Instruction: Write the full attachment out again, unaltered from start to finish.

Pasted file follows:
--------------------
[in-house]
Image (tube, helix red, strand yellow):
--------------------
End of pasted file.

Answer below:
[in-house]
Image (tube, helix red, strand yellow):